By the early years of the 1970s, a series of troubling revelations had appeared in the press concerning intelligence activities. First came the revelations by Army intelligence officer Christopher Pyle in January 1970 of the U.S. Army‘s spying on the civilian population and Senator Sam Ervin‘s Senate investigations produced more revelations. Then on December 22, 1974, The New York Times published a lengthy article by Seymour Hersh detailing operations engaged in by the CIA over the years that had been dubbed the “family jewels“. Covert action programs involving assassination attempts on foreign leaders and covert attempts to subvert foreign governments were reported for the first time. In addition, the article discussed efforts by intelligence agencies to collect information on the political activities of US citizens.

The creation of the Church Committee was approved on January 27, 1975, by a vote of 82 to 4 in the Senate.


The Church Committee’s final report was published in April 1976 in six books. Also published were seven volumes of Church Committee hearings in the Senate.

Before the release of the final report, the committee also published an interim report titled “Alleged Assassination Plots Involving Foreign Leaders”,  which investigated alleged attempts to assassinate foreign leaders, including Patrice Lumumba of Zaire (now known as (the Democratic Republic of the Congo), Rafael Trujillo of the Dominican RepublicNgo Dinh Diem of Vietnam, Gen. René Schneider of Chile and Fidel Castro of Cuba. President Gerald Ford urged the Senate to withhold the report from the public, but failed,  and under recommendations and pressure by the committee, Ford issued Executive Order 11905 (ultimately replaced in 1981 by President Reagan‘s Executive Order 12333) to ban U.S. sanctioned assassinations of foreign leaders.

In addition, the committee produced seven case studies on covert operations, but only the one on Chile was released, titled “Covert Action in Chile: 1963-1973”.  The rest were kept secret at CIA’s request.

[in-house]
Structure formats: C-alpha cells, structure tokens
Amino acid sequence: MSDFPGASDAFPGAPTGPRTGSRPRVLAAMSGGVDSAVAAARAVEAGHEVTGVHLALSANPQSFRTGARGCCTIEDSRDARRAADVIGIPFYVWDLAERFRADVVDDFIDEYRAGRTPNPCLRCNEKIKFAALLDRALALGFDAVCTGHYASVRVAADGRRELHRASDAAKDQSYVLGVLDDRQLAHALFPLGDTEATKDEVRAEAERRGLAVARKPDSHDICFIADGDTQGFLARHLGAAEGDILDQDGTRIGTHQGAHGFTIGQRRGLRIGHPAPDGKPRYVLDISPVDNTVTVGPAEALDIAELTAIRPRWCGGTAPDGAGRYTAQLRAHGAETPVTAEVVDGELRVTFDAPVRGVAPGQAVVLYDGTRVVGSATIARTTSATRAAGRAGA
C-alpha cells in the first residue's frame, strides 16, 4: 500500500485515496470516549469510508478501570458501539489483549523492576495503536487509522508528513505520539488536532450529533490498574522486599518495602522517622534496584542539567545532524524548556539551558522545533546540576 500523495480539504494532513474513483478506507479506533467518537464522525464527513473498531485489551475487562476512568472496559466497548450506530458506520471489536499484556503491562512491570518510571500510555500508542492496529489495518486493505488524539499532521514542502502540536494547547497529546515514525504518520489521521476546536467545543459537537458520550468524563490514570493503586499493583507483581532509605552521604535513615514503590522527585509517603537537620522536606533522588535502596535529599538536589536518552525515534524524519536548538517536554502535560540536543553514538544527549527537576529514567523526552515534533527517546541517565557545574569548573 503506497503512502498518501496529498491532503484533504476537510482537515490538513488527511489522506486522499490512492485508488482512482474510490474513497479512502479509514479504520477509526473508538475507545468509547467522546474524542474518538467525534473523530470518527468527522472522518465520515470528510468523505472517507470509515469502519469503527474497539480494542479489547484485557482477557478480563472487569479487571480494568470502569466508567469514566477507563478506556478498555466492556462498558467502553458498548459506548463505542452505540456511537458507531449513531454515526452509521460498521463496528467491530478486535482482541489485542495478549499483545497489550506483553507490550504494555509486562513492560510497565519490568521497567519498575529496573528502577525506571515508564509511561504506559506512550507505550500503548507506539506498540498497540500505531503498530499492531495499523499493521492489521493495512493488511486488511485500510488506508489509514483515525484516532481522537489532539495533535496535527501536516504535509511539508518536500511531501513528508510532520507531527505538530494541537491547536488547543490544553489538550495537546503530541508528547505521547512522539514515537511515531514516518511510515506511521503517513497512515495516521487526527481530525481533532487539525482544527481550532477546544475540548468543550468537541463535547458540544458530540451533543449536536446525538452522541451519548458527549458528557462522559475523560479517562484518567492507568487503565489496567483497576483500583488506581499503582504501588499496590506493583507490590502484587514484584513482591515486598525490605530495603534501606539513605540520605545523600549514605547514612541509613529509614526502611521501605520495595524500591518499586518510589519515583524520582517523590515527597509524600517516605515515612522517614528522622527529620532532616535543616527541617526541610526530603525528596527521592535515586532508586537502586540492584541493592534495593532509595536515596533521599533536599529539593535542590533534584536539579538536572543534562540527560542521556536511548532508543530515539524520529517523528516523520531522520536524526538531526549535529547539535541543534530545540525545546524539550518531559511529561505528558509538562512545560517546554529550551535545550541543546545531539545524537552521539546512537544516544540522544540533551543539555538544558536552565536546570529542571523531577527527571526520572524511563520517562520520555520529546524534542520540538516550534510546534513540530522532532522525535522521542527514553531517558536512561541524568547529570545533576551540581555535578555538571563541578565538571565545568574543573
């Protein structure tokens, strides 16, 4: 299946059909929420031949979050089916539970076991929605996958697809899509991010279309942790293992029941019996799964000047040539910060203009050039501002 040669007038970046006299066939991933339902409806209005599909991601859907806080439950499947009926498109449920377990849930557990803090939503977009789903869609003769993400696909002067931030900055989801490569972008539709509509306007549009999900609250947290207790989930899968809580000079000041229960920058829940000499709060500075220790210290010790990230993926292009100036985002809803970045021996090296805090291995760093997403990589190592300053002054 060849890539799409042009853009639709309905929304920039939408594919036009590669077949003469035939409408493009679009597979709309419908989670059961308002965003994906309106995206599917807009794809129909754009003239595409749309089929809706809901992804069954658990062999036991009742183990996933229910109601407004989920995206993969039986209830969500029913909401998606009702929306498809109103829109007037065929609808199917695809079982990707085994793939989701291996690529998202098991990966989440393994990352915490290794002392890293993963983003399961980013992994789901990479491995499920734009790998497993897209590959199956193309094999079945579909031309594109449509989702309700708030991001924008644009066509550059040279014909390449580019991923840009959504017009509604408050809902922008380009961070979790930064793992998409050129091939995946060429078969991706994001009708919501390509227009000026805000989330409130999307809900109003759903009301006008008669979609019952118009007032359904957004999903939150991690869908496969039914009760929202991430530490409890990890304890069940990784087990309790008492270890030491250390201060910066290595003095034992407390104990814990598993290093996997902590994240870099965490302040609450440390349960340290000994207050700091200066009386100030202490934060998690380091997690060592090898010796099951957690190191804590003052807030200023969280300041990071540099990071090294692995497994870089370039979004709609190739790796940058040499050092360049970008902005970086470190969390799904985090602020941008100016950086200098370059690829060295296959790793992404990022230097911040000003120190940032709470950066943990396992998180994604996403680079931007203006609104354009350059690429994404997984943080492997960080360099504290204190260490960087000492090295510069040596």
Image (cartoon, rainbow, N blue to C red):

According to recently declassified documents by the National Security Archive, the Church Committee also helped to uncover the NSA’s Watch List. The information for the list was compiled into the so-called “Rhyming Dictionary” of biographical information, which at its peak held millions of names – thousands of which were US citizens. Some prominent members of this list were Joanne Woodward, Thomas Watson, Walter MondaleArt BuchwaldArthur F. BurnsGregory PeckOtis G. PikeTom WickerWhitney YoungHoward BakerFrank ChurchDavid DellingerRalph Abernathy, and others.

But among the most shocking revelations of the committee was the discovery of Operation SHAMROCK, in which the major telecommunications companies shared their traffic with the NSA from 1945 to the early 1970s. The information gathered in this operation fed directly into the Watch List. In 1975, the committee decided to unilaterally declassify the particulars of this operation, against the objections of President Ford’s administration.

Together, the Church Committee’s reports have been said to constitute the most extensive review of intelligence activities ever made available to the public. Much of the contents were classified, but over 50,000 pages were declassified under the President John F. Kennedy Assassination Records Collection Act of 1992.

Opening mail

The Church Committee learned that, beginning in the 1950s, the CIA and Federal Bureau of Investigation had intercepted, opened and photographed more than 215,000 pieces of mail by the time the program (called “HTLINGUAL“) was shut down in 1973. This program was all done under the “mail covers” program (a mail cover is a process by which the government records—without any requirement for a warrant or for notification—all information on the outside of an envelope or package, including the name of the sender and the recipient). The Church report found that the CIA was careful about keeping the United States Postal Service from learning that government agents were opening mail. CIA agents moved mail to a private room to open the mail or in some cases opened envelopes at night after stuffing them in briefcases or in coat pockets to deceive postal officials.

The Ford administration and the Church Committee